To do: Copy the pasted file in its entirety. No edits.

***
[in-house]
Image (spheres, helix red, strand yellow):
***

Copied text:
[in-house]
Image (spheres, helix red, strand yellow):